Illegal commune in foreclosed Escondido home evicted, residents now homeless



A group of previously homeless, low-income residents who lived illegally in a foreclosed Escondido home, turning it into a community that other residents decried as an eyesore, were evicted last month when a court ruled that they had no legal right to live there, leaving many to face homelessness again.

The group of six to 10 people, though the exact number is unclear, shared the 2,000-square-foot home on a one-acre dirt lot on West El Norte Parkway in Escondido. Some of them had been living there for more than two years.

The previous owner, Robert E. Donelson, died in 2019. His daughter-in-law, Terry Bearer, continued to live in the house after Donelson’s death and began inviting others to live with her, creating a kind of commune, or as the residents have described it. – a family.

Most residents had some form of income and obligated each other to contribute financially for things like food and electricity. The ground rules they created included no fighting, no drugs, and everyone had to make their weight.

However, they paid no rent or mortgage, and the house belonged to the federal government.

The Department of Housing and Urban Development purchased the property in a foreclosure sale, said Baron Tennelle, an attorney representing HUD, after the owner defaulted on his reverse mortgage in September 2021.

In May 2022, San Diego Judge Robert Longstreth ruled that HUD could evict people living on the property because they weren’t paying mortgages or rent, and they had no legal right to be there. . The city of Escondido has also filed a lawsuit against residents, citing code violations and attempting to declare the property a public nuisance following regular complaints from neighbors about litter and disturbance.

On July 6, the residents were evicted.

Juliana Musheyev, an activist with the San Diego branch of the Liberation and Socialism Party, which helps locals, told Voice of San Diego that many are now homeless and living on the streets; three of them, including Steve Wood, whom Voice has previously spoken to, are in prison; and two of them live in their trailers.

Teresa Exline is one of the residents who lived in her trailer. She describes her new life as “hectic” and causing her “constant anxiety”. She told Voice that she was ‘harassed’ by police officers almost daily and got yelled at by nearby business owners, even though she was careful not to park too close to them.

Exline is one of the few people in the group who still has a job, but she says she doesn’t earn enough to find stable housing.

She said her former housemates split up because it was hard for them to stay together, but they keep in touch and help each other out when they can.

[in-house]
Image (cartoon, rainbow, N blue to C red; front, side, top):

“I’ve been in contact with all of us,” Exline said. “We have all met several times before. We kind of have touch bases: ‘Are you okay?’ ‘Yeah.’ ‘You need something?’ ‘Nope.’ You know, they either park overnight or we help each other out with gas.

Interfaith Community Services, a homeless outreach organization, has helped residents with food stamps and similar resources, she said, but the organization’s homeless shelter in Escondido is at capacity. , CEO Greg Anglea told The Coast News.

“There is a big misconception or lack of understanding from people in the community that if someone is homeless and wants help they might just agree to go to a shelter” , Anglea told The Coast News. “While this may be true in the city of San Diego, which has 2,000 shelter beds, there are only 99 brick-and-mortar shelter beds for more than 1,400 people homeless in one night in North San Diego County.”

Exline said she appreciates the people of Interfaith, who seem to be doing all they can, but blames the city itself for not having more to offer.

“The services are not there and, despite that, the cops are harassing them,” Mushayev said. “They either have to make it possible for them to sleep in their cars or sleep in their tents without the cops harassing them, or give them a place to stay.”

Mushayev added that she and other advocates plan to speak at the public comment portion of the Escondido City Council meeting on Aug. 10.

In other news

  • ICYMI: Escondido City Council voted last week to send a sales tax measure to the November ballot. If approved, the measure would implement a 3/4 cent sales tax increase for 15 years that could generate about $21 million a year. Residents and city leaders hope the new revenue could ease the city’s fiscal problems. (Voice of San Diego)
  • Vista Community Clinic launched its first senior-focused clinic Monday, providing comprehensive health care to low-income seniors in the community. The new Durian Senior Adult Care facility will serve adults aged 65 or older. (Union-Tribune)
  • San Diego Gas & Electric officials said they were no longer consider The Shoppes at Carlsbad Mall as a potential site for a regional maintenance site. More than 11 sites have been reviewed so far as possible replacements for the existing North Shore Service Center at Carlsbad Boulevard and Cannon Road. Carlsbad City Council is growing increasingly frustrated with the length of time it took SDG&E to identify a new site, the council said last week. (Union-Tribune)

Joan D. Boling